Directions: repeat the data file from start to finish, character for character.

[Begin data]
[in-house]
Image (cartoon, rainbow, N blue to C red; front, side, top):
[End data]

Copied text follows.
[in-house]
Image (cartoon, rainbow, N blue to C red; front, side, top):